End of legislative session brings weed and Roosevelt
Not only is the school year coming to an end, but so too is the legislative session in Bismarck. Unlike the school year, the legislature does not meet every year, so the decisions made will have a lasting impact on the state.
Weed laws with less teeth
Both chambers passed a measure that would bring the penalty for a half ounce of marijuana down from a Class B misdemeanor to an infraction that would carry no jail time and a $250 fine.
Many states have legalized the substance, and Fargo’s close neighbor to the east decriminalized weed in 1976, according to the Star Tribune.
The law is seen in the legislature as a way to appease those who want lower penalties for carrying small amounts of cannabis while also siding with those who see full decriminalization as another word for legalization.
Rep. Shannon Roers Jones said on AM 1100 The Flag that she debated with David Owen after his camp narrowly failed to pass marijuana legalization in 2016. She said she found people in the state didn’t want full legalization but were tired of seeing people’s lives ruined for having a small amount of marijuana.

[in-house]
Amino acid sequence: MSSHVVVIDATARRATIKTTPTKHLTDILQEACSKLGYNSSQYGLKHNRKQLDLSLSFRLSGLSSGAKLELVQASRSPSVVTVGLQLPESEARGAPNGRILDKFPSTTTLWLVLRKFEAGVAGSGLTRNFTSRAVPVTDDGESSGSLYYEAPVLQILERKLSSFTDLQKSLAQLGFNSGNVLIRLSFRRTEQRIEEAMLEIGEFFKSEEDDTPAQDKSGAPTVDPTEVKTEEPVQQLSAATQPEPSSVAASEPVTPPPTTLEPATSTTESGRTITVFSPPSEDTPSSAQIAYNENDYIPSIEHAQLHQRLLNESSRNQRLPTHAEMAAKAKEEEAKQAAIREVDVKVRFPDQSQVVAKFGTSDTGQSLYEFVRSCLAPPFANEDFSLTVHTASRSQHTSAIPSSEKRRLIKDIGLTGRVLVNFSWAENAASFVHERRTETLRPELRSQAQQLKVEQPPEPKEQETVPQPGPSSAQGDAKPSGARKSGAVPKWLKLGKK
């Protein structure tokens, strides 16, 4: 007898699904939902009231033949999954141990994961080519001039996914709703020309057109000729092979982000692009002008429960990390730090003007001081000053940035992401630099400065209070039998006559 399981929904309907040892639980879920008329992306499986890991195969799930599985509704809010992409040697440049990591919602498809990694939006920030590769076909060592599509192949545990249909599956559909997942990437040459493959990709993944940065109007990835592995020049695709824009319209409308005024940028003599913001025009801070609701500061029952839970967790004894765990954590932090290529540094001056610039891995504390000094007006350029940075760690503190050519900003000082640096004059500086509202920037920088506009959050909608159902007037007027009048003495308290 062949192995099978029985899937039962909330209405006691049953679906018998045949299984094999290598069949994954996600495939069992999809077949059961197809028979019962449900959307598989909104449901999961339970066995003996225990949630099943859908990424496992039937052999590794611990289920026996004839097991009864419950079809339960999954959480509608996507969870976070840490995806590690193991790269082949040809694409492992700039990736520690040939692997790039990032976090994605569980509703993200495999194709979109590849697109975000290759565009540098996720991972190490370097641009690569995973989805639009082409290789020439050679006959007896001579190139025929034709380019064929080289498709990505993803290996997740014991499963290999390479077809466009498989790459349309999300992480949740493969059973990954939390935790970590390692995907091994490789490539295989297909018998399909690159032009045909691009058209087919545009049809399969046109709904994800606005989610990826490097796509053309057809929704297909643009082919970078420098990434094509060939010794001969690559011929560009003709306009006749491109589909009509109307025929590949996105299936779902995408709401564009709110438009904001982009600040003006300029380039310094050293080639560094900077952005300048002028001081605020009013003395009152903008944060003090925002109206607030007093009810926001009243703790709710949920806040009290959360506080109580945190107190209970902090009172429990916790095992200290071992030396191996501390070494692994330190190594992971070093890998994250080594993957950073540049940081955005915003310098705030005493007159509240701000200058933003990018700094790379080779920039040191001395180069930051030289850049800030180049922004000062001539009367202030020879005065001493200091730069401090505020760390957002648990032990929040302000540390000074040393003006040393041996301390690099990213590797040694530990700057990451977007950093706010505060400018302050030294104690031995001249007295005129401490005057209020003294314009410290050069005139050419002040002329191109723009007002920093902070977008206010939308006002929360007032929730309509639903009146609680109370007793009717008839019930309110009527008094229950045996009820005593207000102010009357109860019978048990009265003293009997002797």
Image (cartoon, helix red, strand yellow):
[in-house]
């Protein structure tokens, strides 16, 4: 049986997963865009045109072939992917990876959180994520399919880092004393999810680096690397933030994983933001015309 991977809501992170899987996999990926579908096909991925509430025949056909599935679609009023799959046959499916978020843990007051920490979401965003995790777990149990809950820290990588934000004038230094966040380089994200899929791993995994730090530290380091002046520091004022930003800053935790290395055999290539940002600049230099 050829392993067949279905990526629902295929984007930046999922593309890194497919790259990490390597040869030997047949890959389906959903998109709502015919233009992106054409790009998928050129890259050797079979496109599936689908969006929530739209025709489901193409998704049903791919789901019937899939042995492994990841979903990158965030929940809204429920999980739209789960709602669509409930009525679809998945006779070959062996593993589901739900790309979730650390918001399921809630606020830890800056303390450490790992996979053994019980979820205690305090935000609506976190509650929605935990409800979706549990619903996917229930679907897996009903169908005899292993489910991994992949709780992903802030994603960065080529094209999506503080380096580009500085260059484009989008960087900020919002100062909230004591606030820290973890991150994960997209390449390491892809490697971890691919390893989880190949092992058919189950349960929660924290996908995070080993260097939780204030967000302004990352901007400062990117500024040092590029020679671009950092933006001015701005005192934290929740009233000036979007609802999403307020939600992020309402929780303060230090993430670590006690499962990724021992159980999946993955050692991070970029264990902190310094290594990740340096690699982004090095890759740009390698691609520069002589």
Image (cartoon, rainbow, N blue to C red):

This prompted a failed bill to decriminalize cannabis in the state. During the second half of the session, Roers Jones said she amended the language and attached it to another bill she had proposed.
“It went into a conference committee where it came out not as decriminalization. It’s not a non-criminal charge, but we did get a reduction in the charge,” Roers Jones said.
With a less liberal, more regulated legalization measure coming in 2020, according to Roers Jones the bill does not address the issue of criminal records for marijuana charges.
According to the
Legislators showed reverence toward the 26th president during debate. “North Dakota had a profound effect on TR’s life and his presidency,” Rep. Mike Nathe of Bismarck said.
“We should be proud to call him our adoptive son,” Rep. Jon Nelson said.
The official budget for the proposal calls for $15 million in excess and $35 million in loans to pay for the building. Neither can be paid until $100 million is raised through donations.